The pair are set to star in the series, which was initially known as The Forgiving Earth when it was commissioned last year, alongside Noma Dumezweni (Harry Potter & the Cursed Child), Harriet Walter (The Crown, Downton Abbey), Tamara Tunie (Law & Order: Special Victims Unit), Lucian Msamati (Taboo) and Abena Ayivor (A United Kingdom).
The story, which is set across the UK, Europe, Africa and the U.S., centers on Kate Ashby, played by Coel, who was rescued as a young child during the Rwandan genocide and adopted by Eve Ashby (Walter), a world-class British prosecutor in international criminal law. Kate was raised in Britain and, now in her late 20s, she works as a legal investigator in the law chambers of Michael Ennis (Goodman). When Eve takes on a case at the International Criminal Court, prosecuting an African militia leader, the story pulls Michael and Kate into a journey that will upend their lives forever.
Goodman, who is repped by Gersh, is currently on the reboot of the hit ABC sitcom, while Coel is to appear in Netflix’s forthcoming musical feature film Been So Long.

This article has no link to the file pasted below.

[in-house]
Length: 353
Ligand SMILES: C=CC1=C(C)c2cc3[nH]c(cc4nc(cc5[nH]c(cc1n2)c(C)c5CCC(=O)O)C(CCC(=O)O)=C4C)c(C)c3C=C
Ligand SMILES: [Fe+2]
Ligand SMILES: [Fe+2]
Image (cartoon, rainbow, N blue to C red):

The eight-part drama, which is produced by Doctor Foster producer Drama Republic, is described as a labyrinthine thriller about the prosecution of international war crimes and the personal, legal and political turmoil it ignites as well as the West’s relationship with contemporary Africa. It was written and directed by BAFTA-winner Hugo Blick, best known for series including The Honourable Woman and The Shadow Line. BBC Two will air in the UK, while Netflix holds global rights.
Coel, who is repped by Troika, said, “Kate Ashby’s story is inspirational, it was an honour to play a character in possession of so much strength and integrity.”
Blick added: “ ‘The past isn’t dead, it isn’t even past’. I was never quite sure exactly what this famous quote meant, but by following the fictional journey of a young black British woman on an epic and deeply personal quest to bring a Rwandan genocidaire to legal justice – now I do. And now I know just how critical, difficult and terrifying that phrase can seem to anyone in pursuit, and denial, of international criminal justice.”